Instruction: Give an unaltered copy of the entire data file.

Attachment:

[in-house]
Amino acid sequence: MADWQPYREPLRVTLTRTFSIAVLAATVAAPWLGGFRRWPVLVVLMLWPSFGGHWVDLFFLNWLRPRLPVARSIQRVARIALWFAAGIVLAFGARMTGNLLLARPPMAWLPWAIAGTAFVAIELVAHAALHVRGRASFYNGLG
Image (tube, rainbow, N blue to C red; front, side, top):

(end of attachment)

[in-house]
Amino acid sequence: MADWQPYREPLRVTLTRTFSIAVLAATVAAPWLGGFRRWPVLVVLMLWPSFGGHWVDLFFLNWLRPRLPVARSIQRVARIALWFAAGIVLAFGARMTGNLLLARPPMAWLPWAIAGTAFVAIELVAHAALHVRGRASFYNGLG
Image (tube, rainbow, N blue to C red; front, side, top):